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Illustrator CS3 One-on-One: The Essentials
Illustration by John Hersey

Merging strokes with a compound path


From:

Illustrator CS3 One-on-One: The Essentials

with Deke McClelland

Video: Merging strokes with a compound path

In this exercise we're going to create a circle and a square compound path and assign a double stroke to it. It's going to be a really cool effect. And to get a sense of where we're going here, I'm working inside of a document called Rectangles abound, because we have all of our rounded rectangles in place, and it's available to you inside the 08_select_enhance folder. No surprise there. Now I'm going to turn off my One shy layer for a moment and turn on Final lace, and I'm also going to turn off the Guides layer, just to get it out of my face for a minute here and notice what I'm talking about. There's the circle in a square. It's a compound path. The two paths share a common stroke, notice that, and it's actually a double stroke effect.
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  1. 59m 53s
    1. Welcome to Illustrator CS3 One-on-One: The Essentials
      2m 0s
    2. The unwelcome Welcome screen
      6m 35s
    3. Browsing Illustrator artwork
      4m 53s
    4. Bridge workspaces and favorites
      6m 8s
    5. The anatomy of an illustration
      7m 2s
    6. Examining a layered illustration
      5m 38s
    7. Customizing an illustration
      5m 21s
    8. Creating a new document
      6m 12s
    9. Changing the document setup
      6m 51s
    10. Saving a document
      6m 14s
    11. Closing multiple files
      2m 59s
  2. 1h 3m
    1. Preferences, color settings, and workspaces
      55s
    2. Keyboard Increment and Object Selection
      5m 52s
    3. Scratch Disks and Appearance of Black
      6m 43s
    4. Establishing the best color settings
      5m 35s
    5. Synchronizing color settings in Bridge
      4m 3s
    6. The new CS3 interface
      3m 55s
    7. Organizing the palettes
      9m 4s
    8. Saving your workspace
      2m 33s
    9. Zooming and scrolling
      3m 39s
    10. Using the Zoom tool
      5m 27s
    11. The Navigator palette
      3m 37s
    12. Nudging the screen image
      2m 50s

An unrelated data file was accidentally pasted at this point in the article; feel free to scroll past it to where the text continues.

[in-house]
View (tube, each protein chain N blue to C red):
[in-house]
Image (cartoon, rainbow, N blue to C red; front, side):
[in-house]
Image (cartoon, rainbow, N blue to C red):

13. Scroll wheel tricks
      3m 11s
    14. Cycling between screen modes
      5m 56s
  3. 1h 4m
    1. Why learn Illustrator from a Photoshop guy?
      1m 32s
    2. Introducing layers
      4m 37s
    3. Creating ruler guides
      6m 34s
    4. Creating a custom guide
      3m 28s
    5. Organizing your guides
      5m 50s
    6. Making a tracing template
      3m 34s
    7. Drawing a line segment
      4m 10s
    8. Drawing a continuous arc
      4m 17s
    9. Drawing a looping spiral
      5m 17s
    10. Cutting lines with the Scissors tool
      6m 45s
    11. Aligning and joining points
      7m 58s
    12. Drawing concentric circles
      3m 45s
    13. Cleaning up overlapping segments
      6m 21s
  4. 1h 9m
    1. The anatomy of a shape
      1m 1s
    2. Meet the Tonalpohualli
      4m 8s
    3. Meet the geometric shape tools
      3m 47s
    4. Drawing circles
      6m 36s
    5. Snapping and aligning shapes
      7m 0s
    6. Polygons and stars
      7m 0s
    7. Rectangles and rounded rectangles
      6m 16s
    8. The amazing constraint axes
      6m 30s
    9. Grouping a flipping
      7m 37s
    10. Combining simple shapes into complex ones
      6m 36s
    11. Drawing with Scissors and Join
      6m 3s
    12. Cutting and connecting in Illustrator CS3
      3m 49s
    13. Tilde key goofiness
      2m 55s
  5. 1h 22m
    1. Three simple ingredients, one complex result
      33s
    2. Introducing Fill and Stroke
      3m 42s
    3. Accessing color libraries and sliders
      7m 8s
    4. Using the CMYK sliders for print output
      5m 6s
    5. Using the RGB sliders for screen output
      4m 39s
    6. Color palette tips and tricks
      4m 46s
    7. Creating and saving color swatches
      4m 14s
    8. Trapping gaps with rich blacks
      7m 58s
    9. Filling and stacking shapes
      5m 17s
    10. Dragging and dropping swatches
      6m 16s
    11. Paste in Back, Paste in Front
      5m 43s
    12. Filling shapes inside groups
      5m 16s
    13. Pasting between layers
      3m 34s
    14. Joins, caps, and dashes
      5m 50s
    15. Fixing strokes and isolating your edits
      7m 35s
    16. Creating a pattern fill
      4m 38s
  6. 1h 22m
    1. The power of transformations
      1m 25s
    2. From primitives to polished art
      4m 4s
    3. Clone and Duplicate
      6m 15s
    4. Moving by the numbers
      4m 16s
    5. Using the Reshape tool
      6m 30s
    6. Modifying, aligning, and uniting paths
      7m 0s
    7. Using the Offset Path command
      4m 25s
    8. Styling and eyedropping
      4m 11s
    9. The wonders of the translucent group
      5m 37s
    10. Making a black-and-white template
      3m 48s
    11. Scaling and cloning shapes
      4m 26s
    12. Enlarging and stacking shapes
      5m 6s
    13. Positioning the origin point
      6m 50s
    14. Using the Rotate and Reflect tools
      5m 16s